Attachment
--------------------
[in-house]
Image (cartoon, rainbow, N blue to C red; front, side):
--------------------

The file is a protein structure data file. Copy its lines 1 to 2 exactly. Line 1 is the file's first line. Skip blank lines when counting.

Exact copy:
[in-house]
Image (cartoon, rainbow, N blue to C red; front, side):